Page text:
Large-Scale Structure Formation: From the First Non-linear Objects to Massive Galaxy Clusters

Planelles, S.; Schleicher, D. R. G.; Bykov, A. M.


The large-scale structure of the Universe formed from initially small perturbations in the cosmic density field, leading to galaxy clusters with up to 10$^{15}$ M$_{⊙}$ at the present day. Here, we review the formation of structures in the Universe, considering the first primordial galaxies and the most massive galaxy clusters as extreme cases of structure formation where fundamental processes such as gravity, turbulence, cooling and feedback are particularly relevant. The first non-linear objects in the Universe formed in dark matter halos with 10$^{5}$-10$^{8}$ M$_{⊙}$ at redshifts 10-30, leading to the first stars and massive black holes. At later stages, larger scales became non-linear, leading to the formation of galaxy clusters, the most massive objects in the Universe. We describe here their formation via gravitational processes, including the self-similar scaling relations, as well as the observed deviations from such self-similarity and the related non-gravitational physics (cooling, stellar feedback, AGN). While on intermediate cluster scales the self-similar model is in good agreement with the observations, deviations from such self-similarity are apparent in the core regions, where numerical simulations do not reproduce the current observational results. The latter indicates that the interaction of different feedback processes may not be correctly accounted for in current simulations. Both in the most massive clusters of galaxies as well as during the formation of the first objects in the Universe, turbulent structures and shock waves appear to be common, suggesting them to be ubiquitous in the non-linear regime.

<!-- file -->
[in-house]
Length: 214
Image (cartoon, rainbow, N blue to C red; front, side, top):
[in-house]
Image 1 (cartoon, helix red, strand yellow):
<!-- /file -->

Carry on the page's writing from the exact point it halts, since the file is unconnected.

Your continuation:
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Título de la Revista: Space Science Reviews
Volumen: 188
Número: 1-4
Editorial: Springer
Fecha de publicación: 2015
Página de inicio: 93
Página final: 139


Notas: ISI